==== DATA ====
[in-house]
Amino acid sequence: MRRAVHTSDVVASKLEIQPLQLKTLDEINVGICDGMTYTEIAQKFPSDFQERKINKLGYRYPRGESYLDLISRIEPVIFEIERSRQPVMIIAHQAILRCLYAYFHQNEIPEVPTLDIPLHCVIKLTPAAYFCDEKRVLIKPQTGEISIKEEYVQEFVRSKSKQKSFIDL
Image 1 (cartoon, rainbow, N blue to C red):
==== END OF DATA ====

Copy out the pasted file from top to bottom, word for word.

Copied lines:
[in-house]
Amino acid sequence: MRRAVHTSDVVASKLEIQPLQLKTLDEINVGICDGMTYTEIAQKFPSDFQERKINKLGYRYPRGESYLDLISRIEPVIFEIERSRQPVMIIAHQAILRCLYAYFHQNEIPEVPTLDIPLHCVIKLTPAAYFCDEKRVLIKPQTGEISIKEEYVQEFVRSKSKQKSFIDL
Image 1 (cartoon, rainbow, N blue to C red):